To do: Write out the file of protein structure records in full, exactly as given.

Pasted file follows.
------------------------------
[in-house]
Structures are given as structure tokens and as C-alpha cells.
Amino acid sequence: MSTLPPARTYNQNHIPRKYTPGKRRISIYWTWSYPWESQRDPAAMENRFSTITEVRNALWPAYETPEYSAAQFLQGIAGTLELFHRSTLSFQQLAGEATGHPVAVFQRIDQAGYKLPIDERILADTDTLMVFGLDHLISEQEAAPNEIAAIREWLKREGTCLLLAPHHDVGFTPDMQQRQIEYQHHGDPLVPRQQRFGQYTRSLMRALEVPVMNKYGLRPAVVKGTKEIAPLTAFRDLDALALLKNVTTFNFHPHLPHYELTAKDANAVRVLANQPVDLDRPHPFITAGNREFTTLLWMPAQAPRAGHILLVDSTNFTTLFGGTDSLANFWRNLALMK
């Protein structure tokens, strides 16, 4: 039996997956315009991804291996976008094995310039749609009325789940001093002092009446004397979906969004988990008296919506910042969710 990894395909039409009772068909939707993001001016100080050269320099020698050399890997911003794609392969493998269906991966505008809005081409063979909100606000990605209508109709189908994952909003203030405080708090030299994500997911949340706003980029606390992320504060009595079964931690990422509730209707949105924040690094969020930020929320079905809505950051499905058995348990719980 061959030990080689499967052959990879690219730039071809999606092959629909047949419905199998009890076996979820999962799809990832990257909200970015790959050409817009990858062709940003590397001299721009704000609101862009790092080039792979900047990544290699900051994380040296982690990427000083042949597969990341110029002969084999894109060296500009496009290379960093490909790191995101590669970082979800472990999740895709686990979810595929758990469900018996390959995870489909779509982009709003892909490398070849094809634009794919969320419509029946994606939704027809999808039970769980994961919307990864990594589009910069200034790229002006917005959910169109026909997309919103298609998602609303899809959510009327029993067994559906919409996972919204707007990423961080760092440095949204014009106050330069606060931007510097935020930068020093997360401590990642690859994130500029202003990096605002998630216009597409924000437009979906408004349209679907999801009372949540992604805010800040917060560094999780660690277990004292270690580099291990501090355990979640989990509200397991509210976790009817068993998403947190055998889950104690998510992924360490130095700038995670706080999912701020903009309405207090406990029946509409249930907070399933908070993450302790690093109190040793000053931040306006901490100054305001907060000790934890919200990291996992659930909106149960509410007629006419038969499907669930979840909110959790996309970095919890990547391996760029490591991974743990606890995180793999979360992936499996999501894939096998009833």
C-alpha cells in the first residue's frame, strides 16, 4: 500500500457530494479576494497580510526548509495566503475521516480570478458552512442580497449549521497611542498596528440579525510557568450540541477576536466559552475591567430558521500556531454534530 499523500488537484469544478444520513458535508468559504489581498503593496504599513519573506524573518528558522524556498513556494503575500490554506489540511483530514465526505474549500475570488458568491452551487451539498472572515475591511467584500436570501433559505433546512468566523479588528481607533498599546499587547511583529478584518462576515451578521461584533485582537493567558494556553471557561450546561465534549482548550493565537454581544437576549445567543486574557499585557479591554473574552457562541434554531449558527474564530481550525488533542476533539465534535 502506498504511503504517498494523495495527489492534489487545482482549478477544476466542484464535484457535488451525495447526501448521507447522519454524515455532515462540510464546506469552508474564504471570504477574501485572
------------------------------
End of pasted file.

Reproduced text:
[in-house]
Structures are given as structure tokens and as C-alpha cells.
Amino acid sequence: MSTLPPARTYNQNHIPRKYTPGKRRISIYWTWSYPWESQRDPAAMENRFSTITEVRNALWPAYETPEYSAAQFLQGIAGTLELFHRSTLSFQQLAGEATGHPVAVFQRIDQAGYKLPIDERILADTDTLMVFGLDHLISEQEAAPNEIAAIREWLKREGTCLLLAPHHDVGFTPDMQQRQIEYQHHGDPLVPRQQRFGQYTRSLMRALEVPVMNKYGLRPAVVKGTKEIAPLTAFRDLDALALLKNVTTFNFHPHLPHYELTAKDANAVRVLANQPVDLDRPHPFITAGNREFTTLLWMPAQAPRAGHILLVDSTNFTTLFGGTDSLANFWRNLALMK
């Protein structure tokens, strides 16, 4: 039996997956315009991804291996976008094995310039749609009325789940001093002092009446004397979906969004988990008296919506910042969710 990894395909039409009772068909939707993001001016100080050269320099020698050399890997911003794609392969493998269906991966505008809005081409063979909100606000990605209508109709189908994952909003203030405080708090030299994500997911949340706003980029606390992320504060009595079964931690990422509730209707949105924040690094969020930020929320079905809505950051499905058995348990719980 061959030990080689499967052959990879690219730039071809999606092959629909047949419905199998009890076996979820999962799809990832990257909200970015790959050409817009990858062709940003590397001299721009704000609101862009790092080039792979900047990544290699900051994380040296982690990427000083042949597969990341110029002969084999894109060296500009496009290379960093490909790191995101590669970082979800472990999740895709686990979810595929758990469900018996390959995870489909779509982009709003892909490398070849094809634009794919969320419509029946994606939704027809999808039970769980994961919307990864990594589009910069200034790229002006917005959910169109026909997309919103298609998602609303899809959510009327029993067994559906919409996972919204707007990423961080760092440095949204014009106050330069606060931007510097935020930068020093997360401590990642690859994130500029202003990096605002998630216009597409924000437009979906408004349209679907999801009372949540992604805010800040917060560094999780660690277990004292270690580099291990501090355990979640989990509200397991509210976790009817068993998403947190055998889950104690998510992924360490130095700038995670706080999912701020903009309405207090406990029946509409249930907070399933908070993450302790690093109190040793000053931040306006901490100054305001907060000790934890919200990291996992659930909106149960509410007629006419038969499907669930979840909110959790996309970095919890990547391996760029490591991974743990606890995180793999979360992936499996999501894939096998009833």
C-alpha cells in the first residue's frame, strides 16, 4: 500500500457530494479576494497580510526548509495566503475521516480570478458552512442580497449549521497611542498596528440579525510557568450540541477576536466559552475591567430558521500556531454534530 499523500488537484469544478444520513458535508468559504489581498503593496504599513519573506524573518528558522524556498513556494503575500490554506489540511483530514465526505474549500475570488458568491452551487451539498472572515475591511467584500436570501433559505433546512468566523479588528481607533498599546499587547511583529478584518462576515451578521461584533485582537493567558494556553471557561450546561465534549482548550493565537454581544437576549445567543486574557499585557479591554473574552457562541434554531449558527474564530481550525488533542476533539465534535 502506498504511503504517498494523495495527489492534489487545482482549478477544476466542484464535484457535488451525495447526501448521507447522519454524515455532515462540510464546506469552508474564504471570504477574501485572